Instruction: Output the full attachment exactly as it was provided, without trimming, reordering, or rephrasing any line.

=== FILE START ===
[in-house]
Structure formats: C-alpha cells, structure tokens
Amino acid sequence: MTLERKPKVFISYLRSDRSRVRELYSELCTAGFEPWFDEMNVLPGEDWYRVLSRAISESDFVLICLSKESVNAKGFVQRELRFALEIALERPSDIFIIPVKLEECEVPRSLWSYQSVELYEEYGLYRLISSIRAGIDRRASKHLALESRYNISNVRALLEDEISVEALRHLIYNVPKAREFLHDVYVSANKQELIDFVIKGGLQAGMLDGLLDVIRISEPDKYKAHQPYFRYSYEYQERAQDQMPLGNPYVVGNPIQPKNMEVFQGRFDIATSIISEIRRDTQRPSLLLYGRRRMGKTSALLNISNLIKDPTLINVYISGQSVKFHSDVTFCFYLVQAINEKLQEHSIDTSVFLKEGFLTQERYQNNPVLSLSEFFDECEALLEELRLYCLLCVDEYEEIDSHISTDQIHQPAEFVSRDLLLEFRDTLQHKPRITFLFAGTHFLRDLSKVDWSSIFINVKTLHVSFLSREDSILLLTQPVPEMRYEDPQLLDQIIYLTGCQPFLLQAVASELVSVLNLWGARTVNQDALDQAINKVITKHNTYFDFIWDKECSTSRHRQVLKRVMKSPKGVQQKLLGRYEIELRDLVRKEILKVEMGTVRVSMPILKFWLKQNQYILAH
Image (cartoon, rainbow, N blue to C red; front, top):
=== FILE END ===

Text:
[in-house]
Structure formats: C-alpha cells, structure tokens
Amino acid sequence: MTLERKPKVFISYLRSDRSRVRELYSELCTAGFEPWFDEMNVLPGEDWYRVLSRAISESDFVLICLSKESVNAKGFVQRELRFALEIALERPSDIFIIPVKLEECEVPRSLWSYQSVELYEEYGLYRLISSIRAGIDRRASKHLALESRYNISNVRALLEDEISVEALRHLIYNVPKAREFLHDVYVSANKQELIDFVIKGGLQAGMLDGLLDVIRISEPDKYKAHQPYFRYSYEYQERAQDQMPLGNPYVVGNPIQPKNMEVFQGRFDIATSIISEIRRDTQRPSLLLYGRRRMGKTSALLNISNLIKDPTLINVYISGQSVKFHSDVTFCFYLVQAINEKLQEHSIDTSVFLKEGFLTQERYQNNPVLSLSEFFDECEALLEELRLYCLLCVDEYEEIDSHISTDQIHQPAEFVSRDLLLEFRDTLQHKPRITFLFAGTHFLRDLSKVDWSSIFINVKTLHVSFLSREDSILLLTQPVPEMRYEDPQLLDQIIYLTGCQPFLLQAVASELVSVLNLWGARTVNQDALDQAINKVITKHNTYFDFIWDKECSTSRHRQVLKRVMKSPKGVQQKLLGRYEIELRDLVRKEILKVEMGTVRVSMPILKFWLKQNQYILAH
Image (cartoon, rainbow, N blue to C red; front, top):